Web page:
What is neuroethics and how does it relate to people with disabilities?
According to the National Institute of Health (NIH) Brain Initiative website, neuroethics is “a field that studies the ethical, legal, and societal implications of neuroscience.” The strategic plan for the NIH BRAIN Initiative, BRAIN 2025: A Scientific Vision, emphasizes “Although brain research entails ethical issues that are common to other areas of biomedical science, it entails special ethical considerations as well. Because the brain gives rise to consciousness, our innermost thoughts, and our most basic human needs, mechanistic studies of the brain have already resulted in new social and ethical questions.”
The questions that neuroethicists explore have vast implications for people with disabilities, who may adopt technology and drug treatments created in the field of neuroscience.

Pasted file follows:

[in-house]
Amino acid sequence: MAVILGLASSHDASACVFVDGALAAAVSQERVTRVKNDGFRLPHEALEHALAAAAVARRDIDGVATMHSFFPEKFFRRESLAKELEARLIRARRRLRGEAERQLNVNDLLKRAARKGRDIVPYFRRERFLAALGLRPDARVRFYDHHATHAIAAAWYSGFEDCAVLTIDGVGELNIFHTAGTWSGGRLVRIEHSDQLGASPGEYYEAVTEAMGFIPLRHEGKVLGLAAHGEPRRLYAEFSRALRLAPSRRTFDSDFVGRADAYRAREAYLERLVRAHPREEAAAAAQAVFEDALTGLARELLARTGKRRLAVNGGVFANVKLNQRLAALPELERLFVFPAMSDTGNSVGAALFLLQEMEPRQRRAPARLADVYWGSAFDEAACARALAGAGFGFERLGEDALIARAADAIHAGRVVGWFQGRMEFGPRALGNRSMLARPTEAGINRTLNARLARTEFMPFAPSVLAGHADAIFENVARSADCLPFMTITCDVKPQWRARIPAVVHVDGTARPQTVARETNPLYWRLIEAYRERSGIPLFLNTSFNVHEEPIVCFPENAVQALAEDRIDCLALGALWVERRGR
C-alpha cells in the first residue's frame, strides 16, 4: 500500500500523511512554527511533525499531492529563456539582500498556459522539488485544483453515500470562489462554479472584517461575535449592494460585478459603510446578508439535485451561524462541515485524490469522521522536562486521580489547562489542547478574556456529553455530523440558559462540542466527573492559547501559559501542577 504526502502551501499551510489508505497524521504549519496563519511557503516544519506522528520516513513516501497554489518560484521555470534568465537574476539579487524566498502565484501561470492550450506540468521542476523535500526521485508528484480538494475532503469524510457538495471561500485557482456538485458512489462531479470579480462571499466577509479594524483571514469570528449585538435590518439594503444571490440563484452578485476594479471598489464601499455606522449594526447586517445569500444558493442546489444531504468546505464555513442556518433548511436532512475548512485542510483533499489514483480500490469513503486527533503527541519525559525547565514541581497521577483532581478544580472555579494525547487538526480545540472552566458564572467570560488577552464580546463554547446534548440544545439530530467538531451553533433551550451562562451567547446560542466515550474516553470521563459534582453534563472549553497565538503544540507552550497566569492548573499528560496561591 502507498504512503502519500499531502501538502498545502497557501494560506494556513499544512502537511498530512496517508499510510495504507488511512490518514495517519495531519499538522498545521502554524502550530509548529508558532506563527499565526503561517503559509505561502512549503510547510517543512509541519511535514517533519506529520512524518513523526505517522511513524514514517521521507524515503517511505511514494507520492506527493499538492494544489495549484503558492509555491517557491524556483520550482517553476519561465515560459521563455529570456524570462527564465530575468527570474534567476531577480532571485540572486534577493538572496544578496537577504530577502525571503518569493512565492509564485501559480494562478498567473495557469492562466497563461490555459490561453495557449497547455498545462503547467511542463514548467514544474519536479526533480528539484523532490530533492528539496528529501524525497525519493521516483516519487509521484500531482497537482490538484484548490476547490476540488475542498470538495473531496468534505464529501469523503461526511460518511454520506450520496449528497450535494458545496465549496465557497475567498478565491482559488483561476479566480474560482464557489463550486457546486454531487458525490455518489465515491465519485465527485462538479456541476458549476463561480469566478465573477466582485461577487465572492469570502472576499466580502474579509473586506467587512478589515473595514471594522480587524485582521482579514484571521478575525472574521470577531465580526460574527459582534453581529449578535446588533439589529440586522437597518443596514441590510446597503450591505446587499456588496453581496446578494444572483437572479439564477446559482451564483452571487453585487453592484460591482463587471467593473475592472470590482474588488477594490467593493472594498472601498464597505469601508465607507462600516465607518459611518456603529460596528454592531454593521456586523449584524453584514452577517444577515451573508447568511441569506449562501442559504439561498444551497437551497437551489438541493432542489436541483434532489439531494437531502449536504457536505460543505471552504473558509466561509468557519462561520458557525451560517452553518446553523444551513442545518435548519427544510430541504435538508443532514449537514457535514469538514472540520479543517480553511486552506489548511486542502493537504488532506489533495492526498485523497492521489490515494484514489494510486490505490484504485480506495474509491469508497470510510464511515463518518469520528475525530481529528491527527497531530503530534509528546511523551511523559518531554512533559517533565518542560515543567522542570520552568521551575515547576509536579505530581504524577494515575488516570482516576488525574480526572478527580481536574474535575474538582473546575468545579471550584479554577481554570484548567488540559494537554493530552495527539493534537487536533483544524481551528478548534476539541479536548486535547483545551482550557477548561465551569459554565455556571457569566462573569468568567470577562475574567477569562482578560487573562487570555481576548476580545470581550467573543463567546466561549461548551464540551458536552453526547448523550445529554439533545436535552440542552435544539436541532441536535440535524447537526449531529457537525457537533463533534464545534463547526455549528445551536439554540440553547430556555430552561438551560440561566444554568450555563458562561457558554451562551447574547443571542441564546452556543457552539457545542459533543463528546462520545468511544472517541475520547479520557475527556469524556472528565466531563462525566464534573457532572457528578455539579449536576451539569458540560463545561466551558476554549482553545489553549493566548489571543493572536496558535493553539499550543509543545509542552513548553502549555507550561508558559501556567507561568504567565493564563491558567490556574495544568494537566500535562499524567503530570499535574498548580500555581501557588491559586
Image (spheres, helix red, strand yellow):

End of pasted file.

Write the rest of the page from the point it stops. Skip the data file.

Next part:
The concept of “nothing about us without us” suggests that people with disabilities should be involved in the field of neuroethics, as well as neuroscience itself, to ensure that their voices are included in critical conversations and decisions that impact people with disabilities. Including people with disabilities in neuroethics and neuroscience will also help ensure that principles of universal design (UD) are adopted as new technology is designed and developed. Through the promotion and implementation of UD, they can help ensure that neuroscience products are accessible to people with varying characteristics and abilities. For examples, view the publication Equal Access: Universal Design of Neuroscience Education and Research.
To learn more about neuroethics and how it involves people with disabilities, visit the Brain Initiative’s website about the Neuroethics Working Group, or explore postsecondary institutions to see if they have programming, such as the University of Washington’s Neuroethics program. View the perspective of students with disabilities as they discuss emerging technology that can enhance the human body and mind in the video presentation Technology Advancements and Disability Identity.